Good Reason

It's okay to be wrong. It's not okay to stay wrong.

The clothes were cool though.

I just watched ‘Miracle on 34th Street’. It was an eye-opening experience for me because I’d never seen it before, and it’s such a well-loved and admired film and… it sucked. Zeus, it sucked. It was really a terrible movie, and not just because of its leaden plot.

There’s this woman. She’s successful at her job, she has a daughter, and she divorced, which must have been pretty groundbreaking for the time. But even better, she’s really rational and skeptical. She’s committed to raising her daughter without lying to her about Santa Claus. Okay, she takes it a little far by also not reading fairy tales to her child, but even the rational among us sometimes wonder about the effects of fiction on kids.

Anyway, she’s doing great, and then over the course of the film, her rational worldview is undermined by Frank, a nice but woolly-headed lawyer, and Kris, a delusional geriatric. Frank tells her “Faith is believing when common sense tells you not to.” And by the end of the film (during which time the action has shifted completely over to the men and off of her), when Frank proves that Kris is really Santa Claus, she says, “I never really doubted you. It was just my silly common sense.”

The fuck did I just watch?

5 Comments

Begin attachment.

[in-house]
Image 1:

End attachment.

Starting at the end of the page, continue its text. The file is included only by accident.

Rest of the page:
1. Yikes!! I half-watched it once, but I hadn't noticed it was so bad.

    Of course, the theme of common sense being the enemy is really par for the course with Christmas entertainment. I wrote a post a few years ago about different Christmas specials where the villain is the skeptic who is ruining everyone's Christmas magic.

    • This is a pattern I'd never noticed before, but I'm sure it will stick out like a sore thumb now that I have. Who can forget the skeptical Scrooge?

      "You don't believe in me," observed the Ghost.

      "I don't," said Scrooge.

      "What evidence would you have of my reality beyond that of your senses?"

      "I don't know," said Scrooge.

      "Why do you doubt your senses?"

      "Because," said Scrooge, "a little thing affects them. A slight disorder of the stomach makes them cheats. You may be an undigested bit of beef, a blot of mustard, a crumb of cheese, a fragment of an underdone potato. There's more of gravy than of grave about you, whatever you are!"

  2. It's a popular Hollywood theme not limited to Christmastime. Even supposedly rational TV shows fall foul of the balance problem.

    I've watched a lot of Becker lately. He's "science all the way", is outspoken with his atheism and regularly dismisses alternative therapies as nonsense. But, every once in a while, the door will be left open for the viewer to accept that he might just be wrong and maybe acupuncture, like God, works in mysterious ways. Becker is also grumpy and cynical for the most part.

    Similar things happen in Bones where the title character, despite her apparent genius, is often portrayed as rational to the point of being a socially ignorant moron while the nice normal people who surround her seem "open" to the paranormal.

    • "House" is good for that. His character is even quoted saying "You can't reason with a religious person. If you could reason with a religious person, there wouldn't BE any religious people." or something like that…

  3. I haven't watched it since I was a kid. I might have to watch it again. With "The Invention Of Lying" on standby for recovery purposes…

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